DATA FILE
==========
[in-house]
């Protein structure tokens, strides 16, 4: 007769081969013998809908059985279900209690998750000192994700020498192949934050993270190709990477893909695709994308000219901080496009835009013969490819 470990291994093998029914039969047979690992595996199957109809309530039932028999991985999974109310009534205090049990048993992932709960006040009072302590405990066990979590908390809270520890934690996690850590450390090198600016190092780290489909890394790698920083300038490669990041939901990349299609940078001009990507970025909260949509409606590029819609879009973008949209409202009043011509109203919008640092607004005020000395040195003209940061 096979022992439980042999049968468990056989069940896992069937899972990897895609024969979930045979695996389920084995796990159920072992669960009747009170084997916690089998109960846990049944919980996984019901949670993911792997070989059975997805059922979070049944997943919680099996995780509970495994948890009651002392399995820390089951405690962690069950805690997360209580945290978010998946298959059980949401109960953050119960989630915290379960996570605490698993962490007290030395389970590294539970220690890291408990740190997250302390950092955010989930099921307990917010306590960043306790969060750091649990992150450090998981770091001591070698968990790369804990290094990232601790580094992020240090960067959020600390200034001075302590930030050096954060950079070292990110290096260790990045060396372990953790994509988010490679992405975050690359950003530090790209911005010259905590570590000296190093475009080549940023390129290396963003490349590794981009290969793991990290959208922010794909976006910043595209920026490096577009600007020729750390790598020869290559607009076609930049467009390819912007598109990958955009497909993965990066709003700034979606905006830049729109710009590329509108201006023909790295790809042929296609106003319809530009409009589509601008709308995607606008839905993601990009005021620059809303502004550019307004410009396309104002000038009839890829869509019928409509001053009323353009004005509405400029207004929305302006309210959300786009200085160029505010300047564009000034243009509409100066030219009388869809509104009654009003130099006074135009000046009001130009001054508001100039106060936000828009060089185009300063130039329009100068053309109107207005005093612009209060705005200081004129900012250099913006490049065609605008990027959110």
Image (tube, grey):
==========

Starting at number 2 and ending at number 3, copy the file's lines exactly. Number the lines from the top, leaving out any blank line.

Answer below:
């Protein structure tokens, strides 16, 4: 007769081969013998809908059985279900209690998750000192994700020498192949934050993270190709990477893909695709994308000219901080496009835009013969490819 470990291994093998029914039969047979690992595996199957109809309530039932028999991985999974109310009534205090049990048993992932709960006040009072302590405990066990979590908390809270520890934690996690850590450390090198600016190092780290489909890394790698920083300038490669990041939901990349299609940078001009990507970025909260949509409606590029819609879009973008949209409202009043011509109203919008640092607004005020000395040195003209940061 096979022992439980042999049968468990056989069940896992069937899972990897895609024969979930045979695996389920084995796990159920072992669960009747009170084997916690089998109960846990049944919980996984019901949670993911792997070989059975997805059922979070049944997943919680099996995780509970495994948890009651002392399995820390089951405690962690069950805690997360209580945290978010998946298959059980949401109960953050119960989630915290379960996570605490698993962490007290030395389970590294539970220690890291408990740190997250302390950092955010989930099921307990917010306590960043306790969060750091649990992150450090998981770091001591070698968990790369804990290094990232601790580094992020240090960067959020600390200034001075302590930030050096954060950079070292990110290096260790990045060396372990953790994509988010490679992405975050690359950003530090790209911005010259905590570590000296190093475009080549940023390129290396963003490349590794981009290969793991990290959208922010794909976006910043595209920026490096577009600007020729750390790598020869290559607009076609930049467009390819912007598109990958955009497909993965990066709003700034979606905006830049729109710009590329509108201006023909790295790809042929296609106003319809530009409009589509601008709308995607606008839905993601990009005021620059809303502004550019307004410009396309104002000038009839890829869509019928409509001053009323353009004005509405400029207004929305302006309210959300786009200085160029505010300047564009000034243009509409100066030219009388869809509104009654009003130099006074135009000046009001130009001054508001100039106060936000828009060089185009300063130039329009100068053309109107207005005093612009209060705005200081004129900012250099913006490049065609605008990027959110």
Image (tube, grey):